August 7, 2023 • Article, De Pree Journal, Marketplace Leaders
I love a to-do list. How about you?
Do you use the latest and greatest app on your phone? Are you one of those productivity geniuses who can keep it all in their head? My friend used to write all of her to-dos on the back of her hand with a Sharpie. Me? I’ve tried the whole Getting Things Done system but now use a combination of sticky notes, Asana, and my Google calendar. (I know, I probably need an intervention.)
I love a to-do list so much that my brain likes to think everything in life–including following Jesus–needs to be broken down into smaller tasks so that they can be checked off. Do justice. Check. Love mercy. Check. Walk humbly before your God. Check.
Okay, maybe I can’t check it all off because I’m an imperfect, finite human being. But even thinking about my life with Jesus as a to-do list is exhausting. It can lead to overwork—even burnout. And it’s not the way we’re to live or to love. That’s why I think it’s important to take our cues from Jesus—not only what he taught but how he lived. If we isolate the teachings of Jesus from his example, it’s easy to see how we can turn his commandments into items on a checklist. Let’s look at an example.
Learning from Jesus’ Teaching about Love
In Mark’s gospel, we read that some of the Pharisees, Sadducees, and teachers of the law asked Jesus several questions, and some of them were trying to “catch him” in his words to reduce his credibility and prove he was not the Son of God. One teacher asked Jesus, “Which commandment is the first of all?” (Mark 12:28, NRSV). New Testament scholars point out that he wasn’t asking Jesus which commandment was most important. Rather, he was asking for a rabbi to summarize the teachings of the Scriptures, a common practice of the day. Mark records,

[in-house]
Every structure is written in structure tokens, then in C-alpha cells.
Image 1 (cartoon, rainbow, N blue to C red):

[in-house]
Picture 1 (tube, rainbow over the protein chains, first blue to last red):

Jesus answered, “The first is, ‘Hear, O Israel: the Lord our God, the Lord is one; you shall love the Lord your God with all your heart and with all your soul and with all your mind and with all your strength.’ The second is this, ‘You shall love your neighbor as yourself.’ There is no other commandment greater than these.” (Mark 27:29-31, NRSV)
Jesus brought together two commandments about love to capture the essence of what it means to follow God. David E. Garland puts it this way: “God does not love only certain portions of us, but the whole person; therefore, we are to love God with our whole selves. God does not save us by fractions, and we are not to offer God a mere fraction of ourselves.”
We’re to love God with our entire being. It’s about the whole, not the parts. But my brain that loves lists breaks it down into a matter of heart, soul, mind, strength, and neighbor. And the result is some anxious striving: all of me, trying to love all of God and all the people entrusted to my care, all the time. But Jesus didn’t intend for this to be a checklist. And he didn’t intend for this command to mean that every hour of the day should be fully devoted to acts of love toward God and neighbor. Sometimes we need to slow down to receive God’s love and to care for ourselves. We see this exemplified in the life and ministry of Jesus.
Learning from Jesus’ Life of Love
If anyone in the history of the human race ever had a mission that was both urgent and important, it was Jesus. When we read the Gospels, we may get the impression that the three years of Jesus’ ministry before his death were brimming with activity. We see him and his disciples traveling from city to city—often by foot or by boat. The ease of planes, trains, and automobiles was not part of the picture 2,000 years ago. And once they got wherever they were going, Jesus would teach on the hillsides or in the synagogues, heal the sick, and set the captives free.
Yet Jesus, who loved God and neighbor perfectly, slowed down and took time to rest. In the Gospel of Mark, we see four different ways Jesus engaged in restorative practices that gave him the nourishment and strength to continue his work.
The Gospels don’t give us a precise timeline of Jesus’ ministry, but we get the sense that the earliest days beyond his baptism were busy. After his forty days in the wilderness, he began proclaiming the good news in Galilee; he called his first disciples; drove out an impure spirit; healed Simon’s mother-in-law; healed a whole host of people; and drove out many more demons.